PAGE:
POET and journalist Mark O’Brien (John Hawkes) is paralysed from the neck down and requires an iron lung to breathe.

He is completely reliant on nononsense nurse Vera (Moon Bloodgood), who wheels Mark around California with a breathing tube.

When he is asked to pen a feature on Sex And The Disabled, Mark meets with sex surrogate Cheryl (Helen Hunt, pictured), who believes she can help him overcome his self-doubt and perceived limitations during intense one-to-one sessions.

Cheryl slowly breaks down Mark’s defences with body awareness exercises. An intense bond forms between the two, and after each meeting, Cheryl returns home to compile her notes before cuddling up to her husband Josh (Adam Arkin).

Inspired by a true story, which was brilliantly immortalised in Jessica Yu’s Oscar-winning 1996 documentary short Breathing Lessons, The Sessions is a deeply emotional character study that eschews smuttiness and mawkish sentiment, presenting Mark’s condition with unflinching candour.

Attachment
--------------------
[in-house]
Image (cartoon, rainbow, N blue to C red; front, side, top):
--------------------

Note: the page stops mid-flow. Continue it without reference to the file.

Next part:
William H Macy provides comic relief as the local priest who becomes Mark’s confidant, while Hunt bares everything for the role, delivering her best performance since As Good As It Gets.

Lying on gurneys and beds for almost the entire film, Hawkes effortlessly conveys his character’s maelstrom of insecurities with fearlessness and tenderness.

It’s a virtuoso portrayal of a gentle spirit who refused to be overwhelmed by his disability, and recalls the tour-de-force theatrics of Daniel Day-Lewis in My Left Foot. Hawkes really is that good.

His omission from this year’s Best Actor nominations at the Academy Awards is bewildering.